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Mint '71 240Z - More Fun Coming to BaT

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2 minutes ago, christoffel said:

@26th-Z M69  cars have also no rear window defroggers.  Very special that my HLS30-00023 has been very close with your HLS30-00026 on the production line. Here is the engine for #23

9c447fc2-258e-4a10-a35d-c607057bc430.JPG

fef3d445-40a2-4ce8-a9ee-0532ea6fdb86.JPG

Looks great.  Where have you been getting you new radiator hoses from?

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@kats   About the seats of the silver Z432 December 1970 made, that is owned by Mr. Yoshida , Where there already new seat meachanisms used on series 1 cars?E2EF5044-8949-42E4-AC9F-F194BE305B7F.jpeg

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14 minutes ago, christoffel said:

@kats   About the seats of the silver Z432 December 1970 made, that is owned by Mr. Yoshida , Where there already new seat meachanisms used on series 1 cars?

I think you're referring to the 'flip forward lever' of Japanese market Deluxe models?

Here's an image from November 1969-dated factory literature showing the 'Deluxe' variant (Fairlady Z-L and Fairlady Z432) seats with the flip-forward lever:

69-Deluxe-seats-1.JPG

The Japanese market 'Standard' model did not get the flip-forward lever. North American market HLS30U, UN and UV models essentially got the cheaper 'Standard' seats too. 

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@HS30-H  @katsThank you very much!!!! I think you must be Allen!   Kats always mentioned your knowledge!  In the beginning I was only focused on US cars, but I have also some EU cars with VINs around HLS30-39000 and they have the "Delux"seats. So I was confused, becuase US cars around the same VIN had the simple mechanism. I thought they were not correct!  But now for me a big confusion is solved.

Edited by christoffel

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24 minutes ago, christoffel said:

@HS30-H  @katsThank you very much!!!! I think you must be Allen!   Kats always mentioned your knowledge!  In the beginning I was only focused on US cars, but I have also some EU cars with VINs around HLS30-39000 and they have the "Delux"seats. So I was confused, becuase US cars around the same VIN had the simple mechanism. I thought they were not correct!  But now for me a big confusion is solved.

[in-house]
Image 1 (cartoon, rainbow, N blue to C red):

Glad you found it informative.

For me, the BringaTrailer comments section is - once again - proving to be an echo chamber for many of the same-as-usual characters. One contributor suggested that the comments on this particular car be gathered up in digest form as some sort of reference material, but I don't see how that could ever hope to be accurate when so many contributions don't even get past the first level of moderation?

Once again I see larger-than-life character 'Lstepp4re' apparently getting some kind of free pass to post incorrect statements. He's been wittering on about 'Nikra' exhausts (he means Nihon Radiator's 'Nichira' brand) and how Matsua (he means Matsuo) told him that the 240Z was 'designed for the USA', whilst also stating that "stripes on a Z are aftermarket". That would be news to Nissan, who offered them as a showroom option from 1969 onwards on Japanese market cars. There are also stripe kits - in three colours - with a K3110 part number prefix - in the factory R-Drive parts manuals. So of course he's wrong, but an attempted correction doesn't make it past BringaTrailer moderation.  

As the seat question shows, it's wise to look at ALL variants of the S30-series Z as a source of reference. If people are convinced that the "Made For The USA" mantra means they only need to look at USA market variants, then they'll never properly understand their USA market variant.     

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45 minutes ago, christoffel said:

@Jason240z Till now from the US, but working on alternative solution and also some NOS ones

Revive Jalopy in Japan is a great source for items like that. Here are some Revive Jalopy radiator hoses on my 432-R replica project car:

 

Eng-1.JPG

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2 hours ago, christoffel said:

@kats     I was mistaken with my 69 cars about the clip. The later cars have the clip, but a different inspection lid. I have a bad quality picture here.

The early fenders and the plastic clip are on my #3394 car but not anymore on my #3957 car

IMG_0064.jpg

Hi christoffel , that is the second from the beginning , most 1969 cars have that tab .

The first one is very simple, no -tab on the edge . Some of them just have a rubber at that location.Some of them have nothing.

The third one is around December 1969 to January or February 1970 , a metal tab is welded to the lid . 
 

The fourth one is from February or March 1970 , a metal tab is molded in ONE PIECE .

The fifth one , same as the fourth , in ONE PIECE made but got the metal clip .This would be started somewhere around mid 1970 . 
 

Kats

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Hi Alan , I totally agree with you, it is like if I want to know more about myself, I must look into my family , and relatives. Without this point of view , I will never understand what I should be . 
Looking at some variants sometimes gives enlightenment to me why the parts should look like . And it also gives me an idea how to get parts from , etc etc .

Kats

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1 hour ago, HS30-H said:

Revive Jalopy in Japan is a great source for items like that. Here are some Revive Jalopy radiator hoses on my 432-R replica  tribute project car:

 

Edited by 240260280

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17 minutes ago, 240260280 said:

--------------------

If you're embarking on a voyage to define the nuances between real and fake, and all stops in between, I'll come down to the port to wave you off.

It's going to be a long old trip...

 

Oh and, before you sail, I'd be interested to see if you noticed (and can explain...?) the difference between 'replica' and 'replica project'? 

Edited by HS30-H

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5 minutes ago, HS30-H said:

If you're embarking on a voyage to define the nuances between real and fake, and all stops in between, I'll come down to the port to wave you off.

It's going to be a long old trip...

 

Oh and, before you sail, I'd be interested to see if you noticed (and can explain...?) the difference between 'replica' and 'replica project'? 

Just keeping your content accurate.  I believe you need a body to improve the accuracy in replicating.